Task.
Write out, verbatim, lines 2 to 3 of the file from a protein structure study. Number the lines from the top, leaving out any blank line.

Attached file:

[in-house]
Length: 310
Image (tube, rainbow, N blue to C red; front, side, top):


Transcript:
Length: 310
Image (tube, rainbow, N blue to C red; front, side, top):